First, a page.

WASHINGTON — A waning boom in US crop prices will cut annual farm profits 27 percent this year from a record, potentially denting demand for Deere & Co. tractors and Monsanto chemicals, the government said.
Agricultural net income will be $95.8 billion, down from a revised $130.5 billion last year, the Department of Agriculture said Tuesday in its first 2014 forecast. Income for major crops including corn, soybeans and wheat will be $189.4 billion, down 12 percent, while all expenses for feed, chemicals and other items will be $348.2 billion, down 11 percent.
Flat demand for corn to make ethanol and fewer exports to China may halt gains in farmland values after a 37 percent jump since 2009, leaving farmers with less to invest. The farm law President Obama signed last week also will cut government spending on agriculture, further eroding profit.
‘‘We’re looking at an era of about three, four, five, years of reduced profitability in agriculture,’’ Matthew Roberts, an economist at Ohio State University, said before the report was released. Without significant disruptions to crop production, ‘‘by 2015, 2016, farms that expanded very rapidly over the last few years could be vulnerable, and we would see the first significant farm failures.’’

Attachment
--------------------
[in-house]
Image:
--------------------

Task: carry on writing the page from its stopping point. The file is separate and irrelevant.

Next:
The slump in the value of US crops will erode prosperity in Corn Belt states, harming rural business and, if sustained, may lead to a wave of farm failures for the first time in a generation, Roberts said.
In November, the department had estimated 2013 profit at a record $131 billion, and the most since 1973 when adjusted for inflation. About 2.6 million people worked on farms in 2012, according to the USDA, with another 13.9 million in food-related industries.
Futures for corn, the most valuable US crop, sold on the Chicago Board of Trade slumped 40 percent in 2013, the most since at least 1960, according to data compiled by Bloomberg. Soybeans, the number two, fell 8.3 percent, and wheat plunged 22 percent.